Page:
Shooting took place in 33 days. It required 18-hour days to work through the 152 page script. Russell approached the film with his cinematographer Masnobu Takayanagi like a documentary filmmaker out in the wild, hunting big game. The director wanted to capture the magic and avoid any sense of a contrived, story-in-a-bottle. “I wanted it to feel intimate with the characters more than anything because it’s a movie about emotion. So for me, being intimate about the characters and feeling the movement, feeling like we’re with them is everything,” said Russell. “We shot virtually every frame of the film on a steadicam. That means the camera was in the camera operator’s hands or on his shoulder everyday to have an organic feeling where we could be with each character and move organically… I like following people and staying with them as they move through a scene, as they move through a room, as they move though a town.”
Russell is appreciative of all the indefatigable below-the-line crew who helped make his vision possible. The sound mixers miked a dozen people in a scene at times, ricocheting from one character to the next to create an atmosphere where the rhythm never had to wane. “This gave us a freedom, as the gaffers [also did by lighting] in a way so that the actors could move around like on a stage, and they could go anywhere almost at any time and the camera could go anywhere at any time. You don’t have to stop and relight. It gave all the actors the freedom to just inhabit the characters and not have to stop for a light or a makeup situation or a re-rigging. They could just go and a lot of magic happens. De Niro starts crying in a scene and we never scripted that; we never asked for that; we never directed it; he just does it. Or Jennifer Lawrence starts speaking from deep down the belly of her soul when she’s screaming at Bradley Cooper outside a movie theatre in the middle of a crowd of 30 Halloween mask-wearing teenagers. The fact that we could shoot freely at 30 degree temperature in a Philadelphia neighborhood – that’s the essence of the feeling of this film.”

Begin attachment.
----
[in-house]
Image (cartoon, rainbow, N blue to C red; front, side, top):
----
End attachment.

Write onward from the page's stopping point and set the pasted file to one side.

The shaping of the story continued during the editing with Jay Cassidy and Crispin Struthers
“The editing process is a very long process,” said Russell. “We edited the movie for nine months to find the right rhythm so that it feels seamless and it grabs you, and it delivers you from one moment to the next. That took a lot of work.” A score by Danny Elfman filled out the colors of the film even more. “We were very much happy with Danny Elfman’s score and also the soundtrack with Led Zeppelin, The White Stripes, Frank Sinatra, Johnny Cash, Bob Dylan, Dave Brubeck, Stevie Wonder… a lot of beautiful music found a home in the movie and speaks to the heart of the movie.”
For Russell finding the heart of the story at every stage of filmmaking and delivering a story that matters to the audience is the reason behind his methods. “Getting the tone of each characters’ voice and the performance is everything, and that’s difficult,” he said.
Orchestrating the shoot as if it were a symphony created opportunity for spontaneous magic to come alive at any moment. The director would tap his camera operator’s shoulder when he wanted the camera to move. “That meant we got close to their faces and see in their eyes and feel their emotion… You should feel like a voyeur. Everything feels like an accident, but it takes a lot of work because nothing was an accident. Everything took a lot of rehearsal and a lot of performance and a lot of movement of the camera.”
In Silver Linings Playbook, Russell has gracefully directed a film where the characters dance through songs of mourning, songs of confusion, twirling, spinning, learning the dance, learning to soar, until they find the place where they belong. And the audience gets to be in cahoots.